When you go camping, you expect to escape the hustle, bustle and worries of everyday living. You can, however, unexpectedly find yourself at the mercy of Ma Nature. What happens after you possibly encounter a strong storm, snake, spider, sharp rock or other "danger" depends often on what you did prior to that encounter. It pays to be prepared and to plan ahead.
|Always search your campsite area for hidden dangers like dead trees and dead limbs in trees.|
As a minimum level of protection, always plan to take along a first aid kit and have one that you know how to use. There are numerous styles and sources for these kits, but buy one and pack it along. You should also open it, study the contents, and understand what is there and how it works. Then it's time to go camping.
Inspect Your Campsite
As you reach that X-marks-the-spot, or your destination, you need to do some research and safety scouting. Before you unpack anything, stand at the specific site where your camping tent will be erected, look above, behind and beside for trees with dead limbs, or entire dead trees, that could be easily toppled during a storm. Strong winds, heavy rain and unexpected storms could bring those limbs and trees down onto you.
A few years back a strong, unexpected summer storm passed through the famous Boundary Waters Canoe Area Wilderness in northern Minnesota and wind tossed trees claimed several lives. It doesn't have to be that way. Always look overhead and around for dangers. Beyond falling trees, look for possible boulders that could tumble down from cliffs and look up for exposed hillsides that could become mudslides with heavy rains. If in doubt, move to another site.
Also when thinking about rains, beware of rushing water that can come barreling down dry or desert canyons. Dry creekbeds in the Southwest can become raging rivers in only a few minutes thanks to strong, uphill and far-away storms that you might not see. Flashfloods are still a problem in many areas, and unfortunately these cause threats for campers who erect their tent near rivers. These floods are an almost common occurrence along the Appalachian Mountain range each spring. Those flood waters can rise feet in mere minutes, so look about and plan accordingly.
Next, select the perfect tent site with attention to how open and exposed it is. Don't pitch your tent on high, very exposed areas, such as bare hilltops. The view might be awesome from there, but it could also be deadly when lightning and thunderstorms pass through the region.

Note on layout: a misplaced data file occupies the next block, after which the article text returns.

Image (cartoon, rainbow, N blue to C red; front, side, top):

Think about the dangers that can come calling when selecting a camping site.
Communicate Before a Problem
In this day of e-communications, it is still important to let someone know where you will be camping, and when you will return. Don't rely on cellphones at the campsite to communicate your location because some phones simply don't reach out from many backcountry areas. Strong storms can also disable communication towers or disrupt, or disable, all electronic communications. Then there are the fast-moving wind and rain storms that seem to be the norm in much of America today. These also lead to widespread communication failures. You should plan ahead to survive any threat and let someone know where you will be and when you will return.
You should also consult the specifications of the tent you will be using or contact the manufacturer for specific details on how to properly erect and anchor the tent. Any winds beyond 20 mph can possibly collapse many tents. A late night wind storm in Death Valley a few summers back collapsed several tents and sent campers to spend the remainder of that dark and dusty night in their cars. Luckily no one was hurt. Like most storms, that one rolled over a nearby ridge top before anyone took notice.
The important thing is to know that dangers are present, but avoidable. Then go camping, relax and have a good time.
Written by Michael D. Faw